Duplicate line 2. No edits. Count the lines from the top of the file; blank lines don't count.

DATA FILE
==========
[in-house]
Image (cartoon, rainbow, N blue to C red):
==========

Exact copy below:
Image (cartoon, rainbow, N blue to C red):